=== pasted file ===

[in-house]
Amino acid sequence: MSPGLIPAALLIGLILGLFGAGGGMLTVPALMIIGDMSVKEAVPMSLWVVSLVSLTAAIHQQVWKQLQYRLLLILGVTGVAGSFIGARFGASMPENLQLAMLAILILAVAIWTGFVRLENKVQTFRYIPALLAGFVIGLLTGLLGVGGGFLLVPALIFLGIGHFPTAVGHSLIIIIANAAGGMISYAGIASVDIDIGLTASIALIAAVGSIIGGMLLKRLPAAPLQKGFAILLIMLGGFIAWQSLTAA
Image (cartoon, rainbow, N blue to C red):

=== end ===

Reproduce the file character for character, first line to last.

[in-house]
Amino acid sequence: MSPGLIPAALLIGLILGLFGAGGGMLTVPALMIIGDMSVKEAVPMSLWVVSLVSLTAAIHQQVWKQLQYRLLLILGVTGVAGSFIGARFGASMPENLQLAMLAILILAVAIWTGFVRLENKVQTFRYIPALLAGFVIGLLTGLLGVGGGFLLVPALIFLGIGHFPTAVGHSLIIIIANAAGGMISYAGIASVDIDIGLTASIALIAAVGSIIGGMLLKRLPAAPLQKGFAILLIMLGGFIAWQSLTAA
Image (cartoon, rainbow, N blue to C red):